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Why Car Shipping Prices Rise (or Fall)

Many customers complain to us that pricing seems to rise or fall without any explanation. To us, it’s “business-as-usual”; pricing in the auto transportation world depends on all sorts of different things, and we’re just used to it. It’s easy for us to forget that our customers don’t live and breathe the industry, and wouldn’t just understand the ups-and-downs, or what makes the logistics sector tick. So I asked everyone around the office about the things they consider to be the biggest contributing factors to price changes in our industry, and here’s what they had to say.

 

Sean Gavin, LTL Dispatcher:

There are lots of contributing factors: diesel gas prices; the economy in general. As we all know, a 5 cent piece of candy in the 40’s now costs $1.25. Our parents would never let us forget. Recent government regulations also have to be factored in. ELDs (government mandated electronic logging devices that strictly enforce driving times) stretched out the amount of time it took to get from Point A to Point B, which increased all carriers’ costs and drove prices to the customer up. We have also started to face the problem of having an overall lack of drivers. You might see talk of a “driver shortage” in the news once in a while, but we see it all the time in publications geared toward the trucking industry. The government has lowered the age to get a commercial license, but new drivers are getting harder and harder to find. Qualified ones are even harder to find, and putting them in higher demand means that they demand higher pay, as is the American way. But paying driver more does mean our costs go up, and higher costs again mean higher prices to customers. There are lots of others I’m not thinking of, but that’s a start. (By the way, you can read another post Sean wrote for us here.)

 

Jesse:

Sean beat me to it!

But if you think of it, the demand is what also can force the price to skyrocket. When there is more freight and not enough trucks, the highest paying customers get preferential treatment.
Look at Tesla. They were shipping a few thousand vehicles a month and paying top dollar. This made the cost for a space for a vehicle go up by another 10 to 20 percent.

Joe:

It’s the cost of doing business, as Sean touched upon. Insurance rates going up plays a major role in whether a business can stay afloat or not.

 

Dan:

Insurance is a major contributing factor. Workers’ compensation increases annually around 10% along with general liability insurance. Then there’s health insurance, which the governor allows a minimum increase of 7% annually, but most insurance companies ask for 10% or more. We also must provide a Certificate of Insurance for each facility we do business with or premise we enter, with a minimum aggregate insured amount of $2,000,000.00 (you read that right: two million dollars) required under New York state law. These insurance payments increases annually, and should you have a workers’ compensation claim, the experience module rating increases 10 fold, with a minimum increase of $30,000.00 annually for 7 years until the EM decreases. The same goes for any general liability claim. Insurance as a whole can eat up 25% or more of your annual budget.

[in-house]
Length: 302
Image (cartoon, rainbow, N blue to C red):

And finally, the word from the big man himself.

 

Frank Sr., Owner:

There are two types of customers that will be affected differently depending on the season.
Starting from mid-March thru Memorial Day, when snowbirds want to come home from Florida, northbound cars are coming up in the hundreds. We have extreme demand for trucks going northbound, so if you’re going southbound at that time, your rates go down. The reverse goes for October thru mid-January, when we have extreme demand going southbound so northbound pricing is cheaper.
We have a demand drop during summer with dealerships, and since we’re in between snowbird seasons, we can lower prices to capture more business. We also have a lull when cars are switching to the new year’s model until the end of August. Dealers are aware of the seasonal change and will buy more return freight at the cheaper prices.